“It’s really important to me,” the 42-year-old mother of two said in a phone interview Saturday. “I can participate and I must participate.”

Iriohlu arrived in Canada in July 2022 with her daughters – now four and 16 years old – after fleeing Ukraine when war broke out. Her husband stayed behind.

She says the Saturday march represents a cherished opportunity to demonstrate support for her country and compatriots from her new home on the other side of the world.

“There’s a lot of life that’s destroyed,” she said of the war. “I have to participate because that’s what I can do as a Ukrainian.”

Prime Minister Justin Trudeau joined Ukrainian President Volodymyr Zelenskyy at the Hostomel airfield Saturday morning, alongside leaders from the European Commission, Italy and Belgium. The Western leaders arrived shortly after a Russian drone attack struck a residential building in the southern city of Odesa, killing at least one person.

More than 10,000 civilians have been killed in the two years of conflict, and more than 20,000 have been injured, according to the United Nations. However, the international organization says the actual numbers are likely much higher.

Trudeau signed a new security agreement while in the Ukrainian capital, aimed at fortifying both the Ukrainian military and the country’s struggling economy. The deal includes some $320 million in new military spending, which is due by the end of the year, plus $75 million for demining efforts and intelligence gathering.

Roger Hilton, a research fellow at Globsec, a security and sustainability think-tank based in Bratislava, said Saturday that as the war enters its third year the federal government should more aggressively ramp up its support for Ukraine.

“Ottawa needs to seriously enhance all areas of support to Kyiv to help them survive the current offensive. Canada should look to mimic the policies of Norway and Denmark, who since 2022 have contributed more than Canada, despite having smaller economies and industrial bases,” Hilton said.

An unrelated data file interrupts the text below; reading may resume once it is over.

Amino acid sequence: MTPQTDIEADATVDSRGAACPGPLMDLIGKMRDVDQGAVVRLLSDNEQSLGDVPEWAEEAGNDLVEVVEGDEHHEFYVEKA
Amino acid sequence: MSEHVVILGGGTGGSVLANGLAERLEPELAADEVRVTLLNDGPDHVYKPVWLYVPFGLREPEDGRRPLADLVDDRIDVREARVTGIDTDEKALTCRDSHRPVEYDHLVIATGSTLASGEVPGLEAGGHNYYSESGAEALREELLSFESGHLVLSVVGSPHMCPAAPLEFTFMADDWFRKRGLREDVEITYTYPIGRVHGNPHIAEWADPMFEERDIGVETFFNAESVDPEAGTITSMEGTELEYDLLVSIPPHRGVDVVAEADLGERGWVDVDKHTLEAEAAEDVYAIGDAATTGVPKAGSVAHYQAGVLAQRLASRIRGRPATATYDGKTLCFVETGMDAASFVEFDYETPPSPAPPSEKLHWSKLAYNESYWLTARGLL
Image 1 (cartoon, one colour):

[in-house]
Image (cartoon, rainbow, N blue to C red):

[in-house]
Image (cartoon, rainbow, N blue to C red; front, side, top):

“Half measures and the future progress of Russia now, makes future investments infinitelymore expensive, where smart financial foresight dictates upfront costs.”

In Ottawa, federal Conservative Party Leader Pierre Poilievre vowed in a statement posted to social media that “Canada will always stand with Ukraine.”

“With unshakeable resolve and determination, Ukrainian people have fought back,” he wrote. “They haven’t given up, and neither will we.”

Trudeau has accused Poilievre of abandoning Ukraine because of the Conservatives’ opposition to the Canada-Ukraine trade agreement.

Tories have said that they support Ukraine but they oppose the legislation because the updated deal says both countries aim to promote carbon pricing.

Trade Minister Mary Ng has said the agreement will enable Canadian businesses to eventually help with Ukraine’s economic reconstruction and post-war recovery. Ukraine already has a carbon price in place and Canadian officials have said that language is non-binding.

With files from Thomas MacDonald in Montreal and the Associated Press.

This report by The Canadian Press was first published Feb. 24, 2024.